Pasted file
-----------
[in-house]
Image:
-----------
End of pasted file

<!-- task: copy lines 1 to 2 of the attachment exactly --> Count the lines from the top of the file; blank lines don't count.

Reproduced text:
[in-house]
Image: